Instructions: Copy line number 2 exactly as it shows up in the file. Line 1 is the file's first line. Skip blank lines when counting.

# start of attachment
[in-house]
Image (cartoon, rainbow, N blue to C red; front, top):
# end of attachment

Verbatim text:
Image (cartoon, rainbow, N blue to C red; front, top):